Roadway departure crashes are one of the core emphasis areas in Strategic Highway Safety Plans (SHSP). These crashes, especially on rural roads, lead to a disproportionately higher number of fatalities and serious injuries. The focus of this study is to identify and quantify the factors affecting injury-severity outcomes for single-vehicle roadway departure (SV-RwD) crashes on rural curved segments in Minnesota. The crash data are extracted from the Highway Safety Information System (HSIS) from 2010 to 2014. This study applied a mixed logit with heterogeneity in means and variances approach to model driver-injury severity. The approach accounts for possible unobserved heterogeneity in the data resulting from driver, roadway, traffic, environmental conditions, or any combination of these attributes. This analysis adds value to the growing body of literature because it uncovers some unobserved heterogeneity in the form the attributes specific to driver-injury severities in contrast to the standard mixed logit approach.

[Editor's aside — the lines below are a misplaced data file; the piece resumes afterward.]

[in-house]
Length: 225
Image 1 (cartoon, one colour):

The model results indicate that there is a complex interaction of driver characteristics and actions (male drivers, aged below 30-years of age, and unsafe speed), roadway and traffic characteristics (two-lane undivided road, county roadways, and low traffic volume), environmental conditions (adverse weather, cloudy weather, dark conditions, and dry surface conditions), and vehicle characteristics (vehicle type—sport utility vehicle involved in rollover crashes). The results also provide some evidence of the effectiveness of a highway curve safety improvement program implemented in one of the Minnesota Department of Transportation (DOT) districts.